Analyst: Apple’s iWatch May Be Subsidized by Health Insurers

  • Like on Facebook
  • Share on Google+
  • Share on LinkedIn
Source: iWatch Concept by Todd Hamilton

Source: iWatch Concept by Todd Hamilton

Could Apple’s (NASDAQ:AAPL) iWatch encourage users to live a healthier lifestyle? In a recent note to investors, Cowen and Company analyst Timothy Arcuri argued that Apple may ask health insurance companies to subsidize the cost of its long-rumored smartwatch, similar to the way that wireless carriers subsidize the cost of a smartphone, reports Investor’s Business Daily.

“We continue to believe it is possible the product (iWatch) is backstopped by some sort of insurance subsidization model similar to the carrier subsidization model for iPhone,” wrote Arcuri in a note obtained by Investor’s Business Daily. Apple’s iWatch is rumored to include several medical sensor technologies that would allow users to monitor various biometric data related to health, exercise, and diet.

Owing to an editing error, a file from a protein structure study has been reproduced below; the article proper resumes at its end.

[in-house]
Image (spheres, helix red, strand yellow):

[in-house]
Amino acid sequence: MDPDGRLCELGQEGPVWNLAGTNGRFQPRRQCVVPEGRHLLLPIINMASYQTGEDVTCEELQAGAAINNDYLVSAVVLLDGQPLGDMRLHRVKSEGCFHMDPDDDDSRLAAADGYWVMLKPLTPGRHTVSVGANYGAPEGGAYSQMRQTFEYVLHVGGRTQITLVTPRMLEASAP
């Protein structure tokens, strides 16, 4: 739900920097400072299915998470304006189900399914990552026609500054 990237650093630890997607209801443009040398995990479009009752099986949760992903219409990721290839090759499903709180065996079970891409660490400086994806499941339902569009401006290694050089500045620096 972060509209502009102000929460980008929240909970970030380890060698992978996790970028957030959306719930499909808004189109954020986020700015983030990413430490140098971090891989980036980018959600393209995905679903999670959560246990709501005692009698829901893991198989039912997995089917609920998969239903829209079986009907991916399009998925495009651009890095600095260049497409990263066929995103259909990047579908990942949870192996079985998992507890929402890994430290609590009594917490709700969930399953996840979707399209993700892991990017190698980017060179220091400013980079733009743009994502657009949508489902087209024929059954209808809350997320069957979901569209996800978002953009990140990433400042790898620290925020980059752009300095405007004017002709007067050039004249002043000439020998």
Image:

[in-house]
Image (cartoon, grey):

“We continue to feel this product will differentiate itself with existing wearable products primarily from a health perspective with a number of key innovations including noninvasive blood cell count and blood pressure and other more pedestrian features like heart rate,” noted Arcuri, according to Investor’s Business Daily. The Cowen and Company analyst believes Apple will launch its iWatch in September based on his supply chain checks. Arcuri predicted that the device will retail for around $250 and that Apple will sell approximately 18 million units in 2015.

Arcuri’s iWatch timeline aligns with a recent prediction made by KGI Securities analyst Ming-Chi Kuo. However, Kuo believes that Apple will launch two different iWatch models in the third quarter of this year, including a luxury model that will cost thousands of dollars, according to a research note seen by 9to5Mac.

More Articles About:

To contact the reporter on this story: To contact the editor responsible for this story:

Yahoo Finance, Harvard Business Review, Market Watch, The Wall St. Journal, Financial Times, CNN Money, Fox Business